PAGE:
How nondigital channels need to evolve and keep up with digital banking

by Alex Yeo

The increasing use of digital channels in banking raises questions about the future role of the bank’s nondigital channels. Are branches and call centers going to be lynchpin capabilities of the future digital bank? Or will they be antiquated options for a small segment, the banking equivalent of the landline telephone? In our latest comprehensive benchmarking, 51 percent of customers say they use digital channels to interact with their bank, up slightly from 48 percent in 2014. Some 19 percent of these active digital customers have stopped using branches, and that number is climbing.

Despite these trends, we believe that physical channels will still have a significant role to play for any retail bank, both for sales and service. In a recent blog post, my colleagues Ajay Gupta and Vik Sohoni shared that a massive 79 percent of consumers in an annual survey conducted by McKinsey say they need a branch close by in case they want to talk to someone (a number that has remained stable since 2014).

Even among digitally enabled interactions, the physical channels remain critical. While 95 percent of sales in deposits and cards that originated in digital were completed through digital, only 50 percent of mortgage sales originated in digital were completed in digital.

Straightforward transactions, such as opening a credit-card account, require less judgment, and problems raised tend to be simpler to resolve. By contrast, mortgages are complex and are often a significant turning point in a consumer’s financial journey, and in-person advice is more necessary. While this may seem obvious, in their charge to become more digital, retail banks may be tempted to overlook the real value of in-person interactions.

But even if physical channels are here to stay, they also need to evolve their capabilities to remain relevant.

Bank branches

With bank branches, the penetration of digital tools will enable branches to pivot away from day-to-day transactions towards the cultivation of primary relationships. For example, with the introduction of simplified onboarding tools, we have seen banks move simple sales (e.g., credit cards) away from the financial advisor and assign them to other personnel, such as a lobby ambassador. This then frees the financial advisor to concentrate on relationship building and selling more complicated financial products.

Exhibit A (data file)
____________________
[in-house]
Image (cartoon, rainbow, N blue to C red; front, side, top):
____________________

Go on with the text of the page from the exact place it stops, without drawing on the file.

Management systems should be used to drive adoption and continuous improvement around the use of digital tools. For example, branch manager KPIs should focus on how the use of digital tools is translating into additional sales capacity (e.g., number of leads, meetings, etc.), and a branch manager should be spending a significant amount of his/her time coaching staff on skills and capabilities related to digital tools.

Digital has become even more relevant as sales practices are under increased scrutiny. A newly redesigned digital process can incorporate checks and balances around sales while providing management with a dynamic, cross-channel view of ongoing sales practices. Such a view, combined with advanced analytics, can provide an early warning signal and allow for early detection in high-offender populations, products, or channels. Indeed, digital offers an opportunity for retail banks to re-establish trust with consumers by providing greater transparency into the sales process and by incorporating sophisticated management systems to help guide and encourage more productive and effective behaviors from sales staff.

Call centers

The role of call centers will similarly evolve as customers use digital tools to resolve simpler issues. Call centers will now play the role of “back-up channel,” handling increasingly varied and complex queries. This will require a more dexterous and flexible agent team—multiskilled and able to handle a variety of queries and products to minimize handoffs. Agents will also need to manage channels not just with the phone, but through web and video chats. The agent is thus no longer a simple order taker but a multiskilled intermediary who is comfortable across channels and able to act in a comprehensive remote advisory capacity.

This development will have implications for how banks select and train call-center agents and will require better digital tools to support them. Sophisticated routing, which ensures that callers are matched with agents who have the right characteristics to serve them (e.g., background, personality) can reduce costs while increasing effectiveness (especially where call centers are maintaining differentiated service across different customer segments). Speech analytics can also provide agents real-time, detailed insights during a call, or across calls to detect larger-scale patterns or issues.

As call-center queries become more complex, management systems and KPIs will need to evolve; for example, there might be less emphasis on average handle times as agents handle a greater number of “needs-based” conversation, and far more emphasis on resolution effectiveness.

Focusing on the important questions

To address this complex issue, we recommend banks focus on answering three big questions:

  • Where do the sources of value exist for those customer journeys that will still require heavy interaction with the branch or call center?
  • What digital tools and processes will the branch and call center need in order to exceed expectations for these omnichannel customer journeys?
  • What talent, capabilities and management systems will have the most impact in supporting omnichannel experiences that drive the most value?

Alex Yeo is an associate partner based in our Toronto office.